Emerging resource markets like Ukraine are showing potential to both major and junior resource companies.
Ukraine has long been an afterthought in the international mining industry despite the country’s significant natural gifts.
The country’s mineral wealth is perhaps its greatest economic asset, but historical corruption and mismanagement have hindered Ukraine from fully benefiting in the past. Today, the country has new leadership and a new economic direction as major miners like ArcelorMittal (NYSE:MT) and Glencore (LSE:GLEN) begin to take advantage of the nation’s move away from Russian influence and towards European integration. The Ukrainian government has stated that the door is open for foreign investment in the country’s mining sector and both major and junior international mining companies have answered the call.
Ukraine’s mining industry
Ukraine’s mineral wealth was a key contributor to the economy of the former Soviet Union but it has been underexploited in the post-soviet era. Located over several platforms and folded tectonic units, the country’s geological structures have given it significant natural resources. Ukraine is home to one of the largest proportions of iron ore deposits on the planet with an estimated 27 billion tons accounting for more than 10 percent of the earth’s reserves. The country is one of the world’s top ten producers of manganese ore with the largest reserve in Europe. Ukraine also holds the largest titanium reserve in Europe as well as significant reserves of coal, natural gas, oil, salt, sulfur, graphite, magnesium, kaolin, nickel and mercury.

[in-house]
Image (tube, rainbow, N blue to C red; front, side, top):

This INNspired Article is brought to you by:Black Iron Inc., developers of the Shymanivske iron ore mine in Ukraine, is ranked by market intelligence group CRU as having the lowest projected operating costs and second-lowest capital intensity of all iron ore pellet feed development projects in their database.Send me an Investor Kit
Ukraine mining draws international attention
In March of 2019, the Ukrainian people overwhelmingly elected political newcomer Volodymyr Zelensky as the country’s president. The former actor and comedian ran mainly on the promise of increased integration with the European Union while distancing the country from Russian influence. President Zelensky has stressed that combating corruption, poverty and economic stagnation within the country would be a top priority. International integration and support for international investment in Ukraine are core parts of these efforts.